LotusLive Symphony in the Cloud complements its on-premise, free of charge, office productivity suite, IBM Lotus Symphony. IBM has seen more than 50 million downloads of Lotus Symphony, and recently introduced updates including tighter integrations with the desktop to LotusLive allowing users to click to the cloud to get, save, share and collaborate on documents.

National Bank TRUST is a social business using Symphony to collaborate on documents and transform their business processes, IBM officials said in its press release.

"The collaborative editing support and productivity gains make Symphony unique in the productivity suites market," said Sergey Chikov, director, NB TRUST's Board of information and banking technologies for remote sale of credit products, in a statement.

Further accelerating open standards in emerging markets, IBM also has introduced new software distribution partners, Red Flag Linux, GreatWall PC, and Archos, which are leading with IBM Lotus Symphony in emerging markets and around the globe. Archos is shipping its ARCHOS 9 PC tablet preloaded with Lotus Symphony to help mobile workers in France to easily create documents, spreadsheets and presentations. The shift of open standards in emerging markets like China is on the rise. Embracing this market dynamic, Red Flag Linux and GreatWall PC, both headquartered in China, are bundling Lotus Symphony when distributing the Linux operating system to their clients. In fact, Great Wall will replace OpenOffice software with Lotus Symphony in all computers and laptops for sale to customers, including those in the China government, education, finance and communications industries.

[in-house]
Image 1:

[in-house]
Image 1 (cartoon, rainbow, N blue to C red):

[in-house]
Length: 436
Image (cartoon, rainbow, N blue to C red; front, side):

With the introduction of LotusLive Symphony and adoption of Lotus Symphony 3.0, IBM is the leading alternative for organizations looking to break free of costly Microsoft Office desktops allowing organizations to socially-enable their business processes, the company said.

Moreover, IBM is also introducing a new licensing model for customers eager to incorporate cloud computing into their IT strategy. With Domino Utility Server for LotusLive, customers can now shift, develop and deploy collaborative applications on the IBM Cloud, complementing their use of LotusLive Notes. Accessible from IBM Lotus Notes and other client interfaces in the first half of 2011, Domino Utility Server for LotusLive provides flexible licensing options from the IBM Cloud or other cloud providers like Amazon. 


 
 
 
 
Darryl K. Taft covers the development tools and developer-related issues beat from his office in Baltimore. He has more than 10 years of experience in the business and is always looking for the next scoop. Taft is a member of the Association for Computing Machinery (ACM) and was named 'one of the most active middleware reporters in the world' by The Middleware Co. He also has his own card in the 'Who's Who in Enterprise Java' deck.